The present protocol describes an experimental pipeline to screen at once arrays of bacterial isolates or mixtures set in multiwell plates for effects on C. elegans stress resistance as a proxy for health, which can be used to identify probiotics. It details how to grow large worm populations and handle bacterial arrays in 96- and 384-well plate formats before processing worms for automated stress resistance analysis using a fluorescence plate reader (Figure 1). The approach is based on label-free automated survival assays (LFASS)30 that exploit the phenomenon of death fluorescence31, whereby dying worms produce a burst of blue fluorescence that can be used to pinpoint the time of death. Blue fluorescence is emitted by glucosyl esters of anthranilic acid stored in C. elegans gut granules (a type of lysosome-related organelle), which burst when a necrotic cascade is triggered in the worm gut upon death31.

Figure 1
Figure 1: Experimental workflow for high-throughput screening of bacterial isolates with impact on C. elegans resistance to stress. (A) Timeline for worm and bacterial maintenance and assay setup. (B) 96-well bacterial plate array setup and handling. (C) 384-well worm plate setup. Please click here to view a larger version of this figure.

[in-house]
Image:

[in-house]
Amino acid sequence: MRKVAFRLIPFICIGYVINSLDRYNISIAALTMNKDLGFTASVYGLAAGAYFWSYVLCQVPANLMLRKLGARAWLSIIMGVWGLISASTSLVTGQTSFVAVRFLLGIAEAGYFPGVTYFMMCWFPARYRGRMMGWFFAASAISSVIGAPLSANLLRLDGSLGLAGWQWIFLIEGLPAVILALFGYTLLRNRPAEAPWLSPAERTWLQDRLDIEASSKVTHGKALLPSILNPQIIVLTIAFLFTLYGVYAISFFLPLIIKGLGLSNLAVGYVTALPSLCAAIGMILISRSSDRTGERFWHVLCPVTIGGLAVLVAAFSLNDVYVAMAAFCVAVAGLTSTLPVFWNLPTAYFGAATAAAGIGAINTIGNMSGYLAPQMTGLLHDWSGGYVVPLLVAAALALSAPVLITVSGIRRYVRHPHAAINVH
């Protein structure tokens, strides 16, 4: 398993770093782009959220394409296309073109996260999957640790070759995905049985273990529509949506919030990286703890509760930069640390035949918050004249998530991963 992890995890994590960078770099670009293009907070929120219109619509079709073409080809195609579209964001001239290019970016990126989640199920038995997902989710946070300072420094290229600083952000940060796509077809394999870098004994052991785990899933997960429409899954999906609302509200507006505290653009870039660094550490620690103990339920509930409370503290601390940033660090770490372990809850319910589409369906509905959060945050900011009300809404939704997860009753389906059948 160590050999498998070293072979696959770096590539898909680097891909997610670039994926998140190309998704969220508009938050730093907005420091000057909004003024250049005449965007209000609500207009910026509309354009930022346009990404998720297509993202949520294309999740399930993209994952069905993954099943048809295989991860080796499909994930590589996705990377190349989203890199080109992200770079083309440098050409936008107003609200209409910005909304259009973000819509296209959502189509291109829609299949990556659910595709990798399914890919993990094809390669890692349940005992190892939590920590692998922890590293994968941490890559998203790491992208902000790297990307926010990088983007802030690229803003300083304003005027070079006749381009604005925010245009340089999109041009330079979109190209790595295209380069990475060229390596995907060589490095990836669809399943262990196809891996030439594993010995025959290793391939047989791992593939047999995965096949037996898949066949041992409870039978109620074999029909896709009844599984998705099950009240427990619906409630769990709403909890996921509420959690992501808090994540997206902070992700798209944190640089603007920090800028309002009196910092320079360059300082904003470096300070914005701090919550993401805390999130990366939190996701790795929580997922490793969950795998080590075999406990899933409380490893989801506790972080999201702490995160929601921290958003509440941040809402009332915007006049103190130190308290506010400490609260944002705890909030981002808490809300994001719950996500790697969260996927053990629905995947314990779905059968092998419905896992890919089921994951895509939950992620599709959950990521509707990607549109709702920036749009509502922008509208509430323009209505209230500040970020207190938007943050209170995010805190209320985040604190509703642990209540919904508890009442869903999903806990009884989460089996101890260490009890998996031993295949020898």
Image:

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The two C. elegans strains used in parallel for the present study were Bristol N2 wild type and HT1890: daf-16(mgDf50), which grow at similar rates. However, the protocol can be replicated with any combination of two strains that have similar growth rates. Note that, when testing other strains in parallel (for instance, wild type and slow-growing daf-2 mutants), differing growth rates must be considered, and accordingly, the protocol needs to be adjusted. The timescales and quantities of worms and bacteria in the following protocol are optimized for parallel testing of 48 bacterial isolates on two worm strains in two LFASS assays in tetraplicates. Adjustments will be needed if more conditions are to be tested in parallel. Escherichia coli OP50 bacteria strain was obtained from the Caenorhabditis Genetics Center (CGC), University of Minnesota. The 48 bacterial isolates were obtained from the Schulenburg lab and maintained on LB agar.

1. C. elegans culturing on OP50 (Days 1 - 8)